Aim: To evaluate the extent to which ant species richness in Neotropical savannas varies with macrogeographic variables, and to identify the potential climatic drivers of such variation.
Location: The Cerrado savanna biome of central Brazil, in a region spanning ca. 20° of latitude and 18°of longitude.
Methods: Standardized sampling of the arboreal and ground-dwelling faunas was performed in 29 well-preserved savanna sites using pitfall traps. Species were classified according to their habitat affinities: open-savanna specialists, forest-associated species or habitat generalists. We used generalized linear models to evaluate the importance of geographic (latitude, longitude and elevation) and climatic (mean temperature and three metrics of rainfall) variables as predictors of species richness.
Results: The total number of species recorded at each site varied more than twofold (from 59 to 144), and latitude was the best geographic correlate of overall species richness. However, contrary to the expected pattern, more species were found at higher than lower latitudes. This reversed latitudinal pattern of diversity occurred for both the arboreal and ground-dwelling faunas, and for the habitat generalists and forest specialists. The savanna specialists showed a mid-latitudinal peak in diversity. Overall, there was a significant positive association between rainfall and species richness, but the strength of this relationship varied with ant habitat affinity.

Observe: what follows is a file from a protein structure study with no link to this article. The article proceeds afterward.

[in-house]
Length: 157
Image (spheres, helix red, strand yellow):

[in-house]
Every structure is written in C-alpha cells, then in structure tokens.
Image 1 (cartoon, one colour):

Main conclusions: The Cerrado ant fauna shows a reverse latitudinal gradient in species diversity, and this can be explained by increasing rainfall during the warmest months of the year (and therefore in plant productivity) with increasing latitude. The sensitivity of Cerrado ant diversity to declining rainfall contrasts with the high resilience to aridity of the Australian savanna ant fauna, and this reflects the contrasting evolutionary histories of these faunas. Our findings highlight the importance of historical processes as drivers of intercontinental contrasts in macroecological patterns.